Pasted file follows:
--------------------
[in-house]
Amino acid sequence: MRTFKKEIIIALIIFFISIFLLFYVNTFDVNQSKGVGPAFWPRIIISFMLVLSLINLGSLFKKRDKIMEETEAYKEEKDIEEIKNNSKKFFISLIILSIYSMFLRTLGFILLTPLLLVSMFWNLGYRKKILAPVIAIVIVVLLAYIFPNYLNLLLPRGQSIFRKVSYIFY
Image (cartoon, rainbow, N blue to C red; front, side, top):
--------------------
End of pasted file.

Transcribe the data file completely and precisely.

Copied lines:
[in-house]
Amino acid sequence: MRTFKKEIIIALIIFFISIFLLFYVNTFDVNQSKGVGPAFWPRIIISFMLVLSLINLGSLFKKRDKIMEETEAYKEEKDIEEIKNNSKKFFISLIILSIYSMFLRTLGFILLTPLLLVSMFWNLGYRKKILAPVIAIVIVVLLAYIFPNYLNLLLPRGQSIFRKVSYIFY
Image (cartoon, rainbow, N blue to C red; front, side, top):